Skip to Main Content
Skip Nav Destination


This paper describes an investigation on the failure of a large leaded bronze bearing that supports a nine-ton roller of a plastic calendering machine. At the end of the normal service life of a good bearing, which lasted for seven years, a new bearing was installed. However the new one failed catastrophically within a few days, generating a huge amount of metallic wear debris and causing pitting on the surface of the cast iron roller. Following the failure, samples were collected from both good and failed bearings. The samples were analyzed chemically and their microstructures examined. Both samples were subjected to accelerated wear tests in a laboratory type pin-on-disk apparatus. During the tests, the bearing materials acted as pins, which were pressed against a rotating cast iron disk. The wear behaviors of both bearing materials were studied using weight loss measurement. The worn surfaces of samples and the wear debris were examined by light optical microscope, SEM, and energy-dispersive x-ray microanalyzer. It was found that the laboratory pin-on-disk wear data correlated well with the plant experience. It is suggested that the higher lead content ~18%) of the good bearing compared with 7% lead of the failed bearing helped to establish a protective transfer layer on the worn surface. This transfer layer reduced metal-to-metal contact between the bearing and the roller and resulted in a lower wear rate. The lower lead content of the failed bearing does not allow the establishment of a well-protected transfer layer and leads to rapid wear.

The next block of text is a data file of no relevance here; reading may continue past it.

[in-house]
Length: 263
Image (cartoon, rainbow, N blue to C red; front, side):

You do not currently have access to this chapter.
Don't already have an account? Register
Close Modal

or Create an Account

Close Modal
Close Modal